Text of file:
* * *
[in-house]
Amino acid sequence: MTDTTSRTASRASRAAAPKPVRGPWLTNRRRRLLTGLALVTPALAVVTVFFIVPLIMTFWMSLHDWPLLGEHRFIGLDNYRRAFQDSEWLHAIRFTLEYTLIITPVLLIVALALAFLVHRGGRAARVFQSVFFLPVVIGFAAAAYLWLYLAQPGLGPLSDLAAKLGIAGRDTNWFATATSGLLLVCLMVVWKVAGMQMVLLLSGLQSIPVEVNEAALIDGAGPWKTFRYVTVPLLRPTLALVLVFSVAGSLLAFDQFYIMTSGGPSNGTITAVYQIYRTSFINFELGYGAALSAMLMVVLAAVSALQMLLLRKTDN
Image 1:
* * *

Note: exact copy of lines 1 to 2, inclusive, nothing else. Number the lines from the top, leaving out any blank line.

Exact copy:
[in-house]
Amino acid sequence: MTDTTSRTASRASRAAAPKPVRGPWLTNRRRRLLTGLALVTPALAVVTVFFIVPLIMTFWMSLHDWPLLGEHRFIGLDNYRRAFQDSEWLHAIRFTLEYTLIITPVLLIVALALAFLVHRGGRAARVFQSVFFLPVVIGFAAAAYLWLYLAQPGLGPLSDLAAKLGIAGRDTNWFATATSGLLLVCLMVVWKVAGMQMVLLLSGLQSIPVEVNEAALIDGAGPWKTFRYVTVPLLRPTLALVLVFSVAGSLLAFDQFYIMTSGGPSNGTITAVYQIYRTSFINFELGYGAALSAMLMVVLAAVSALQMLLLRKTDN